Countries At Risk Of Currency Manipulator Tag

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TAIPEI/HANOI, Dec 16 (Reuters) - A long-overdue U.S.

Treasury report on the foreign exchange practices of U.S. trading partners could label several countries as currency manipulators or add them to a watchlist.

The designation, which can lead to sanctions, is based on three criteria: A $20 billion-plus trade surplus with the United States, currency intervention exceeding 2% of gross domestic product and a current account surplus exceeding 2% of GDP.

Experts say the following could be classified as foreign exchange manipulators or placed on a monitoring list:


* Switzerland is already on the monitoring list and ran a trade surplus with the United States of $21.8 billion last year, according to the U.S.

trade representative, and had a current account surplus about 11% of gross domestic product.

* The Swiss National Bank (SNB) spent 90 billion Swiss francs ($102 billion) in the first half of 2020 to slow down the currency's gains as investors have sought safe havens

* That is already roughly 13% of last year's gross domestic product, way above Washington's 2% threshold.

* The SNB has long argued it is not trying to weaken the franc to gain a trade advantage, but rather to head off deflation. TAIWAN

* Taiwan's trade surplus with the United States hit $23 billion last year and the current account surplus was 10.5% of gross domestic product, both well above Washington's thresholds.

* Surging exports have put upward pressure on the Taiwan dollar, which is up 6.3% this year and at a 23-year high.

* Taiwan bought $3.9 billion U.S.

dollars in the first half of 2020 to tame the currency's gains.

* Analysts at Bank of America say accumulated FX intervention is above the 2% Treasury threshold

* The island was last formally labelled a currency manipulator by the United States in December 1992, but was later put on the U.S.
Treasury monitoring list in 2016 and 2017.


* Current account surplus was 7% of GDP in 2019, du lịch thác bản giốc according to the Bank of Thailand, and it ran a trade surplus of $20.1 billion according to the U.S. Trade Representative.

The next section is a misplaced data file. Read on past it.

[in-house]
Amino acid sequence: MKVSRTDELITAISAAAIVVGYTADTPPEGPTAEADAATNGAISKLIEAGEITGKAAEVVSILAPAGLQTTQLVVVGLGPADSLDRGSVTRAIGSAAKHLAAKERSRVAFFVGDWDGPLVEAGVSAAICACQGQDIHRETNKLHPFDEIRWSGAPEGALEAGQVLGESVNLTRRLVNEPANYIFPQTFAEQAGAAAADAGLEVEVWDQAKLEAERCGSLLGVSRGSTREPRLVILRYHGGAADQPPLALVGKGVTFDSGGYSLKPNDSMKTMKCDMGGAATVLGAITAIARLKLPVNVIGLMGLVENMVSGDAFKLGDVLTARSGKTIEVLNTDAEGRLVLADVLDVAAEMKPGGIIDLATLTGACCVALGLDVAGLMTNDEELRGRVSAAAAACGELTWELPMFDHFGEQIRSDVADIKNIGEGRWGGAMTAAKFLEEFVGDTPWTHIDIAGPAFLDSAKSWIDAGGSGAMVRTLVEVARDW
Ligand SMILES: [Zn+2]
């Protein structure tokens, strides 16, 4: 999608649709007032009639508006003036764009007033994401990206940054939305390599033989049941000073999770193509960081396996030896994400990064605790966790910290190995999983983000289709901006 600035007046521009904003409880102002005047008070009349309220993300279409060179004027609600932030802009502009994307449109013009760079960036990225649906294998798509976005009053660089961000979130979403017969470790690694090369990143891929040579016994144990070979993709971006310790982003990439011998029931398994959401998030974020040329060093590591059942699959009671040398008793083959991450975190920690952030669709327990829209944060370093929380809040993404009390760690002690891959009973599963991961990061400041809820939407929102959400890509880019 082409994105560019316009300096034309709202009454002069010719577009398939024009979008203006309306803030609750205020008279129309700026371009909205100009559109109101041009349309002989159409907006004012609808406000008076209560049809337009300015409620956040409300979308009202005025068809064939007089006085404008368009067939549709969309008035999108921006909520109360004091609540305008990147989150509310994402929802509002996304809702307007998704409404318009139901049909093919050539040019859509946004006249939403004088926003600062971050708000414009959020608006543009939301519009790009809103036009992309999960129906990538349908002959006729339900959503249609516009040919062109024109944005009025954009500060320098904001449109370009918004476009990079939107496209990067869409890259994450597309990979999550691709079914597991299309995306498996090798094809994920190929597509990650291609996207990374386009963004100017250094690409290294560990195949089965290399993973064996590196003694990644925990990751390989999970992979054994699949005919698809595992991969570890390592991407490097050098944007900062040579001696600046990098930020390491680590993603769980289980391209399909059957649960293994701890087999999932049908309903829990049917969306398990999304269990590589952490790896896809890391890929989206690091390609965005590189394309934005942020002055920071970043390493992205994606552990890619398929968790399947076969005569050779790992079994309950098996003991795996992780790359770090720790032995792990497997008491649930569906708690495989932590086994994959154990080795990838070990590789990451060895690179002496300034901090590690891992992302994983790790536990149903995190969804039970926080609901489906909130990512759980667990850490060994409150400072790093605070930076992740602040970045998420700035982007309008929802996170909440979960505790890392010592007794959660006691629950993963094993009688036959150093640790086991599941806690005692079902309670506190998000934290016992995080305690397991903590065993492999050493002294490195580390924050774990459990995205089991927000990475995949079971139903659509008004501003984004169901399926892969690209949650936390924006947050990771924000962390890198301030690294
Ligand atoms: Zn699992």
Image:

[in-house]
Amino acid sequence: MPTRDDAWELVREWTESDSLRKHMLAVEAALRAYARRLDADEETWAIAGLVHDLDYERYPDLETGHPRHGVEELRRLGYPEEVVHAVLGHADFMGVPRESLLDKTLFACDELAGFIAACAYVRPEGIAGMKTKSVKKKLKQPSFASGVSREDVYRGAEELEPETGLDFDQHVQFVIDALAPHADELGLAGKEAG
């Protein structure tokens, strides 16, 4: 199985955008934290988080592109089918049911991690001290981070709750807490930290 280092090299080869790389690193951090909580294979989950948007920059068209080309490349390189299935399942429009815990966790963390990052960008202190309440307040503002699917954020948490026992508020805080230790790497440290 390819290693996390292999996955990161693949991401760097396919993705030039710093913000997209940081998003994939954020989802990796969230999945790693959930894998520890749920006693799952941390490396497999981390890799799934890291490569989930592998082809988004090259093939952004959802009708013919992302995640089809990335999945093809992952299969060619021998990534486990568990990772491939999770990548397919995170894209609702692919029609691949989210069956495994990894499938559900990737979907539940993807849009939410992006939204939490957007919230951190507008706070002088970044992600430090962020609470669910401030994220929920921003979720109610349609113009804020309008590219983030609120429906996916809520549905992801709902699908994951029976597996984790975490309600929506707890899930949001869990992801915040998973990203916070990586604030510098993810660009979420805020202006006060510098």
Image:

* A weakening dollar, domestic gold selling and investment flows have pushed the baht up by 10% against the dollar since late March to hit a one-year high.

* Bank of Thailand says it has been intervening in the foreign exchange market to restrain the baht, and Bank of America analysts say it has spent more than double Washington's threshold.


* Vietnam's trade surplus with the U.S.

widened to $57 billion over the first 11 months of this year, up from $42 billion in the same period last year, according to Vietnam's customs data.

* It had a current account surplus at 5% of GDP last year, according to the World Bank.

* The dong is up slightly for the year, has gained 2.2% from March lows and is up 0.2% in the past two months.

* Vietnam says it does not devalue its currency to generate an unfair trade advantage, however it is on Washington's watchlist and was hit with tariffs over the issue in November.


* China, Japan, South Korea, German, Italy, Ireland, Singapore and Malaysia are on Washington's monitoring list in addition to Vietnam and Switzerland.

* Germany, India, Italy, Japan, Malaysia, Singapore and South Korea have all violated two of the three U.S.

Treasury criteria, according to a report published by U.S. think tank, the Council on Foreign Relations.

* Bank of America analysts noted that currency intervention in India and Singapore, as well as Thailand and Taiwan, has been particularly aggressive this year.


* There is no automatic punishment with a currency manipulator label, though U.S.
law requires Washington to demand negotiations with designated countries.

* Diplomatically, labelling U.S. allies as currency manipulators in the middle of a pandemic could be uncomfortable, particularly in Asia where warming ties with countries such as Vietnam have been strategically important.

($1 = 0.8830 Swiss francs)

(Reporting by Ben Blanchard in Taipei, Khanh Vu and James Pearson in Hanoi, Chayut Setboonsarng in Bangkok and Saikat Chaterjee in London. Compiled by Tom Westbrook in Singapore; Editing by Jacqueline Wong)